So, if you take the lean inventory management approach, you’ll improve your company’s perception among consumers, especially if you highlight your eco-friendly efforts in your branding, marketing, social media, etc.

As you can see, there are a lot of benefits to be had if you adopt lean inventory management. Before you quickly sprint into your factory to make changes, let’s see how you can implement the model into your business.

Pro tip: To really benefit from lean inventory principles, you should also implement lean manufacturing. You can learn all about it from the following article — Lean manufacturing principles to streamline production and eliminate waste

How to use lean inventory in your business?

Admittedly, the following rules for implementation were developed in mind for computers. However, each following point, developed by Steve Bell with Lean IT, is the same you’ll need to follow when implementing lean inventory strategy into your business.

When starting to use lean inventory management, you should:

  1. Focus on your costs and not the outcomes
  2. Not hesitate to stop production to deal with any issues. Just have some buffer time scheduled to compensate for stoppages
  3. Understand the people you work with are your most important resource, so invest in them. Take the time to develop their abilities through mentoring and training
  4. Know and concentrate on your value streams
  5. Keep it simple
  6. Visualize your goal and make the image in your head a real-world thing
  7. Always put yourself in the shoes of the customer. Only expend resources on something that provides value to the customer
  8. Be ready for uncertainty and make changes as soon as you need to

If you stick to these eight points, you can surely achieve a lean inventory management system. To make the process as smooth as possible, it’s a good idea to adopt lean manufacturing software.

Katana’s cloud inventory software for lean inventory

Employee at the wood workshop using Katana's software running on a laptop

Keeping a lean inventory can be difficult as it’s a continuous process. That’s why it’s essential to find a piece of software that can help you manage this challenging method when running your business.

Katana’s cloud inventory platform has been built to help modern manufacturers achieve a lean inventory workflow. Katana achieves this by offering the following features.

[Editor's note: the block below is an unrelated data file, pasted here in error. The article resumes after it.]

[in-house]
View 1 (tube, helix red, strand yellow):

Real-time master planner

Katana’s real-time master planner is perfect for any manufacturer practicing lean inventory management. When a sales order comes in, or a manufacturing order is generated, Katana automatically takes available inventory and allocates it to your orders.

It’s able to do this once you have set up your bill of materials and defined your operations.

Raw material management

Katana automatically tracks your raw materials so you can monitor stock levels in real time and set reorder points to highlight when your inventory levels are starting to dip.

This allows you to discover how much material waste your operations produce and figure out a game plan to reduce that amount or even find ways of utilizing the leftovers.

Priority-based production planning

Finally, Katana automatically schedules production in the order in which manufacturing orders are created. However, assuming you have a VIP order come through, Katana’s nifty drag-and-drop system allows you to prioritize your orders so you can tackle the most important jobs first.

And not only that, Katana will redistribute your resources to fulfill the new workflow as soon as possible.

Katana can effortlessly help you track all the nitty-gritty details with inventory management, making it perfect for green manufacturing. This does not only go together with lean inventory but will bode well with consumers as more shoppers turn to ethical and greener companies.

Implementing lean inventory practices

Engine bay of Toyota Land Cruiser

Lean manufacturing inventory, as a rule of thumb, is considered a good form of business practice as it allows manufacturers to figure out how to become more efficient, improve their manufacturing processes and promote an active form of management.

You might be wondering, “When using the lean concepts, all inventory is considered waste?” which is partially true. You need to think of finished goods (and the production of finished goods) as a value. If you have finished goods sitting on a shelf, taking up space and raising costs, it’s not providing any value and is being wasted.

Imagine if a customer asked you what they paid for when they bought the finished product, and you said, “Part of the cost was to cover the fact it’s been sitting in inventory for the past three months,” do you think they’ll see the value in that?

Lean production requires a “push and pull” system of inventory replenishment. You should only start production once a customer has requested the item. However, some safety stock, just in case a large amount of demand comes in, isn’t frowned upon.

Just remember, before you implement lean inventory, ask yourself these questions:

  1. What is the value you and your customers will gain?
  2. Is there something that unnecessarily interrupts your workflow?
  3. Is it possible to pull inventory to satisfy a customer’s needs without compromising those needs or your business?
  4. Are you proactive to the changes in the market?
  5. Can you continuously strive for perfection?

The last question is the most important and most difficult. However, lean inventory can be a breeze with a good inventory management system.

Why not find out for yourself? Get started by booking a demo, so you can see firsthand why this software is perfect for anyone going lean and green.